The teacher allegedly made fun of the child over his sexuality. (Stock photo via Getty)
A ninth grader in South Africa has died by suicide at around 14 years old, with media reports suggesting he was mocked by his teacher over his sexuality.
According to Eyewitness News, the education department in Gauteng, South Africa’s smallest province, is investigating the allegations of homophobia, and whether they contributed to the boy’s death.
The teacher at attended PJ Simelane secondary school in Dobsonville allegedly mocked the student’s sexuality in front of a class, during a speech presentation session.
After returning home from school that day, the student died by suicide.
Spokesperson Steve Mabona told the publication that the department of education had met with both the school and the student’s family, and added: “There are allegations which we are ready to continue to investigate as a department. We will make sure we investigate those allegations and report at a later stage on the outcome thereof.”
South Africa’s constitution, created post-apartheid, was the first in the world to ban discrimination based on sexual orientation, and it is the only country in Africa which has legalised same-sex marriage.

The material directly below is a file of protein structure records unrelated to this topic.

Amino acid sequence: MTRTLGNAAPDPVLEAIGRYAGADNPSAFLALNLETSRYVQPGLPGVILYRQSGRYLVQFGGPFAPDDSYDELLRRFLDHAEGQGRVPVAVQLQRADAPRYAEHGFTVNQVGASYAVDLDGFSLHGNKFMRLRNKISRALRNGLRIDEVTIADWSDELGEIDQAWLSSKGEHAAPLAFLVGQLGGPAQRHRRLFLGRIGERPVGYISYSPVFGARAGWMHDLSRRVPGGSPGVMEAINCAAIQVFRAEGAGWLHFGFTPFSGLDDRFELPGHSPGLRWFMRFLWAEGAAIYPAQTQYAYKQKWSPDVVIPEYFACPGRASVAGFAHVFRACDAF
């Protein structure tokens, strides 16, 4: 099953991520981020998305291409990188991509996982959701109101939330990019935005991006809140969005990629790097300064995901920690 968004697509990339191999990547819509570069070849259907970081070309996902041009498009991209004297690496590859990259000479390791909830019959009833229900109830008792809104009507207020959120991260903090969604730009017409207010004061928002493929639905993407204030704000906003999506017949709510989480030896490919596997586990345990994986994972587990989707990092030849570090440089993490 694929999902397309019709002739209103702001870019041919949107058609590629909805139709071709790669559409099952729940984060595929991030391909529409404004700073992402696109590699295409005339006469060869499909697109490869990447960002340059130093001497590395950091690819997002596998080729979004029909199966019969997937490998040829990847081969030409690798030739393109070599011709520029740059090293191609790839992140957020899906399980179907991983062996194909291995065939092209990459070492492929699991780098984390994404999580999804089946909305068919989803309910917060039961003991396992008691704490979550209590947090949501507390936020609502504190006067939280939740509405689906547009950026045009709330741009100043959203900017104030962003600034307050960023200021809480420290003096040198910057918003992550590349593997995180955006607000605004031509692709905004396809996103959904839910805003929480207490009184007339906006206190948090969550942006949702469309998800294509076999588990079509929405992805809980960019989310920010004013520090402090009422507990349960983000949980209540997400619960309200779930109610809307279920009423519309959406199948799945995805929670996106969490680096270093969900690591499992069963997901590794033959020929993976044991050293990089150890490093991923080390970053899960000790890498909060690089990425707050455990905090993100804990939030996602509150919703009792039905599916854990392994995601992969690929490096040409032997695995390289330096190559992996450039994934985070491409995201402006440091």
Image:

However, the LGBTQ+ community in the country still faces high levels of violence.
Although there is little research into the experiences of LGBTQ+ students in South Africa, one 2016 study published by OUT LGBT Well-being found that 55 per cent of LGBTQ+ youth had experienced verbal insults at school, and 35 per cent had been threatened with physical violence.
Around one in five had been physically attacked, for example being punched, kicked, or beaten, and one in ten had been sexually abused or raped.
Earlier this month, it was revealed that a school student in Johannesburg was punished by a teacher for “immorality” after she celebrated her 18th birthday at a drag show.
The teacher told her that her actions had been “worse” than those of students caught on video giving a Nazi salute.
Readers in the US are encouraged to contact the National Suicide Prevention Line on 1-800-273-8255.